For over 100 years, the railroad was the driving force behind the expansion of our nation's frontiers. Beginning with the 13-mile Baltimore & Ohio Railroad in 1828, tracks rapidly sprang up like weeds. By 1840, there were 3,000 miles of rail; and on May 10, 1869, the first transcontinental railroad was completed. Seventy years later, the country boasted 186 Class I railroads, which operated an astounding 386,000 miles of track.
But as for-hire trucking service became more readily available, the railroads' near monopoly began to crumble. Though innovations such as trailer-on-flatcar (TOFC) transport helped keep the industry afloat, some carriers were forced to curtail capital spending, and tracks and equipment fell into disrepair. Competition only intensified after the industry was deregulated in 1980, resulting in further consolidation and track abandonments. Until recently, it appeared that the six surviving Class I railroads might have to settle for a future hauling heavy bulk commodities, what those in the industry call "slow, dumb freight."
But the weeds have given way to roses, and today the industry finds itself in its strongest position in years. With innovative managers at their helm, the rails have been able to capitalize on surging import volumes as well as the trucking industry's misfortunes. Today, the railroads are handling record volumes. According to the Association of American Railroads, U.S. rails hauled more freight in 2005 than ever before. Car loadings were up 0.9 percent, and intermodal loadings were up 6.4 percent over 2004, which itself was a record-breaking year. And the rails had the operating income (OI) to show for it. For five of the six Class I railroads, OIs ranged from an impressive $720 million to a whopping $13 billion. (The sixth, KCS, reported only $61 million in operating income after suffering heavy losses from the Gulf Coast hurricanes.)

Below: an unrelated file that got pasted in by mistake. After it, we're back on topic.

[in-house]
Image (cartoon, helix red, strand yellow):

This growth has not come without problems. Train speeds and service levels have slipped, and in some areas, increased traffic has resulted in significant congestion. Recently UPS was forced to divert some of its traffic from rail to truck because of the rails' sagging on-time performance record.
These are not problems that can be solved overnight. The necessary infrastructure expansions will require both time and money—it costs more than $1 million per mile to lay new track. But what makes today's circumstances different from those in the past is that rails have at least some capital to work with and they're headed by creative CEOs who know how to use it. Notwithstanding the service issues, results have been impressive (and a little surprising to many long-time railroad watchers). BNSF was recognized by Toyota Logistics Services for Excellence in Quality Performance in 2005. CSXT received a similar award from GLOVIS America, the logistics provider for Hyundai. CSXT has also made headlines recently by announcing plans to open a new integrated logistics center in Florida that will accommodate truck, rail and warehousing operations.
And the beat goes on. This year, Class I railroads will spend $8 billion on new track, new equipment and infrastructure improvements. This is 21 percent above 2005 levels, and it's the highest ever for one year. With all the catch-up work to do, however, there will be a continuing need for significant amounts of capital. Governmental assistance may be necessary, either through incentives or some type of public-private alliance. Some will protest, but it is clear that now, more than ever before, we need a strong rail infrastructure. And it is also clear that the railroads and their management would be good partners. To paraphrase Larry, The Cable Guy, "They're gittin' 'er done."